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Journalist

Over the past few years, social networks have become an extremely powerful tool for every journalist, whether it's here in the United States or elsewhere across the world. But social networks like Twitter and Facebook aren't just a venue for sharing links or live-tweeting breaking news events, as great as that is -- it's also about the engagement one can have with readers and other fellow journalist. Knowing this, The Times of India has recently implemented a new policy that requires its journalism employees to hand over Twitter and Facebook passwords, as it looks to gain control of what they can and cannot post on their social accounts.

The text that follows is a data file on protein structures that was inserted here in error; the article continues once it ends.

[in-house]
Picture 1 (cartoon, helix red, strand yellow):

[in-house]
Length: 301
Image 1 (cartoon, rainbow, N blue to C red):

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Argentina Inflation App

Time spent with friends is supposed to be cherished. Nowadays, however, the existence of things like Facebook, Instagram, Snapchat and Twitter make those moments a little less special for some people, namely because they keep their eyes hooked to whatever device they have near them. To that end, according to Deadline, Fox has green-lit a TV sitcom called All Together Now, which features a plot based on six friends in their late 20's who are keen to unplug from their mobile devices and interact with one another "for as long as they can stand it." All Together Now is set to be produced by Alec Sulkin and Julius Sharpe, who most recently worked with Fox on Dads, a show canceled last May, after only one 19-episode season, due to very bad reviews. The new sitcom still hasn't begun production, so it'll likely be a while before it premieres -- hopefully it's enough time for you to gather your thoughts and realize that this is really happening.